No. 2009/42 - Gatineau, Quebec - July 26, 2009
As Minister [of Indian Affairs and Northern Development and Federal Interlocutor for Métis and Non-Status Indians Chuck] Strahl said, our government has made the Arctic a priority, one we believe all Canadians share. Canada is an Arctic nation and an Arctic power.
As Minister of Foreign Affairs, I meet with my Arctic Council counterparts on a regular basis. In our discussions, I reiterate how important the North is to Canadians. The North is an integral part of our national identity; it played a role in our past and continues to play one in our present. The North is also critically important to future generations.
As you know, the government is now asking the European Union to reconsider its ban on the trade of seal products.
Together, the Arctic and the North make up more than 40 percent of our land mass and are home to more than 100,000 Canadians, many of them Inuit and First Nations members whose ancestors have inhabited the region for millennia.
Our Arctic foreign policy supports Canada’s Northern Strategy, which we are here today to announce, and demonstrates our leadership and stewardship in the region.
But policy is only as good as the actions it inspires.
Northerners are at the heart of our strategy for the Arctic.
For this reason, Canada has played a leading role at the Arctic Council, which is the main international forum for discussing circumpolar issues. Along with our partners, we have produced the Arctic Council’s Arctic Human Development Report, the Oil and Gas Assessment and the recently released Arctic Marine Shipping Assessment. And we will work closely with our partners on future work dealing with Arctic biodiversity and search and rescue. Work in these areas helps foster healthy, safe and prosperous communities in the North.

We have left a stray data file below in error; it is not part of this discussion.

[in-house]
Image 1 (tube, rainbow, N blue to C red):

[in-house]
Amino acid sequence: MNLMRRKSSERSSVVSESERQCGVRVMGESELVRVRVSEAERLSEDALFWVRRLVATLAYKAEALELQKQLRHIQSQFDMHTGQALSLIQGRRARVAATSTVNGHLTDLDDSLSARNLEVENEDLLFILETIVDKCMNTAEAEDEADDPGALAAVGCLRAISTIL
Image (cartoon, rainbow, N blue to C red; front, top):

Internationally, we work through our Arctic embassies and with state partners to identify new economic opportunities for Canadian companies, including possibilities for foreign investment.
Our ultimate goal is to ensure that economic spinoffs benefit Northerners first, contributing to vibrant, sustainable communities.
In the North, climate change, melting ice and rising contamination levels result from activities that take place thousands of kilometres away from the region but still have a disproportionate impact on its environment.
Canada has been a pioneer of protective measures in the Arctic. In fact, in recent years, our government has made great strides in preserving not only the Arctic environment, but Arctic communities and ecosystems as well.
In 2007, the government announced a five-year, $60-million commitment, as part of the Health of the Oceans Panel initiative, to protect Canadian waterways from shipping pollution. We have enforced regulations and improved monitoring capacities; we also support research on pollution prevention.
Canada is also a leader in the development of shipping guidelines for the Arctic through the International Maritime Organization. It wants to protect its own interests by ensuring that these guidelines will be enacted.
Also in 2007, our government announced new regulations for the prevention of pollution from ships and for dangerous chemicals. These regulations make it illegal to deliberately, negligently or accidently discard pollutants in the marine environment.